Meanwhile, things start moving rapidly again in Castle’s storyline towards the end of the season, when he’s greeted in prison by none other than Wilson Fisk – a well-kept surprise and a welcome cameo which makes for an exciting (if very macho!) sub-plot. Yep, the prison system is so corruptible that Fisk can still be the Kingpin behind bars, and he’s terrifying as ever when he’s ordering the guards around. And Castle beating up Dutton’s goons is gloriously brutal.

Fisk helps Castle escape, leading us steadily towards the endgame… well, sort of. There isn’t much of one, as the final two episodes are a bit of a disappointment.

In the penultimate episode, Karen works out that Ray Schoonover, Castle’s former Commanding Officer, became a drug baron called the Blacksmith and set up the deal which resulted in the death of Castle’s family in order to get revenge on him for some wartime incident, and subsequently killed the DA in order to frame him – what? It’s a scheme so needlessly elaborate that it detracts from everything that’s been great about Castle’s story so far. (OK, so Schoonover may not have been the Blacksmith but was working alongside him, but still… what?) And then Schoonover kidnaps Karen and Frank needs to rescue her, Frank kills Schoonover, and thats kind of it. Over and done with before we've had time for the sheer nonsense of it to settle in.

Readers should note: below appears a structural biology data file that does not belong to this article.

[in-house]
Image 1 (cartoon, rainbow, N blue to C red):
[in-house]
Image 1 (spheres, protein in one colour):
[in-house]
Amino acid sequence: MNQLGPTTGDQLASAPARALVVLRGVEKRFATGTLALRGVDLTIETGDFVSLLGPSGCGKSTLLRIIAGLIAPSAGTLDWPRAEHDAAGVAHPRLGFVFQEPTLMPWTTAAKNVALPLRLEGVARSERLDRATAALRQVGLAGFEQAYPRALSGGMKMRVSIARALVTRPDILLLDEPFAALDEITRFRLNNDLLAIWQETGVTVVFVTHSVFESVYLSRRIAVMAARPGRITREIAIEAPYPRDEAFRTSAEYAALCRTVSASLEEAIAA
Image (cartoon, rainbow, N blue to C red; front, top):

The final episode throws this clearly unfinished story aside and focuses on Daredevil and Elektra’s war with the Hand, who kidnap several people Daredevil’s previously rescued, including – you guessed it – Karen. This season had been doing a reasonably good job of letting her lead her own story and then she ends up as a damsel in distress two episodes in a row. And compared to some of the incredible action scenes earlier in the season, the fight this results in is a rather weak climax, with Daredevil and Elektra beating up some ninjas on a rooftop as the police stand around obliviously, doing fuck all. Matt is, by this point, completely and arbitrarily in love with Elektra, meaning it takes her supposed death for him to remain as the Devil of Hell’s Kitchen and for a third season to be possible.


The point of these last two episodes, it seems, is to set up questions for future series. What went on between Castle and Schoonover? What’s on the Micro disk? Is the now-resurrected Elektra really the Black Sky, and what was all that crap about anyway? For that matter, what was that bloody big hole in the ground? By focusing on teasing what’s to come, the finale fails to satisfactorily conclude what we’ve had.

Don’t get me wrong; Daredevil is still one hell of a good show. The casting is perfect, the action is electric, and the Frank Castle storyline is a thrilling and intriguing take on the vigilante justice trope, almost as good as season one’s Murdock/Fisk duality. But the boring, motiveless ninja villains let this season down, as does the development of Murdock’s character, meaning it doesn’t work as a coherent and whole story.

Still, there’s got to be a third season now, right?